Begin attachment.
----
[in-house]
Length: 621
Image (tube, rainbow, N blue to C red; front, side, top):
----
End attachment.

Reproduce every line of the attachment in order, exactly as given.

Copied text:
[in-house]
Length: 621
Image (tube, rainbow, N blue to C red; front, side, top):